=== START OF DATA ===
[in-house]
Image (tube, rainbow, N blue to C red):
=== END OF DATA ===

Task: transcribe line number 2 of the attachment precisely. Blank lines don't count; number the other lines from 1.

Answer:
Image (tube, rainbow, N blue to C red):